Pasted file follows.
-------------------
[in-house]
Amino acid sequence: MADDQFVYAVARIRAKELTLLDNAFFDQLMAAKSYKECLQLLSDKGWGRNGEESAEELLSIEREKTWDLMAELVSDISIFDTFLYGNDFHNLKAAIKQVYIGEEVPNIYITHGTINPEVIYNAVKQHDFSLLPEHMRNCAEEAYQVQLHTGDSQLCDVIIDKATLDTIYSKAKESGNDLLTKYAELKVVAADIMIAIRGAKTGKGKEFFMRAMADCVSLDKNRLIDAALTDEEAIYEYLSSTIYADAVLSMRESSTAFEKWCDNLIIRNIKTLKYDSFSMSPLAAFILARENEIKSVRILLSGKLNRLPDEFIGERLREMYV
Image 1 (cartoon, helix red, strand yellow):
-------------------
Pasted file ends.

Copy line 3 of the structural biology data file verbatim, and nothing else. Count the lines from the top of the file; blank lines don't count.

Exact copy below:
Image 1 (cartoon, helix red, strand yellow):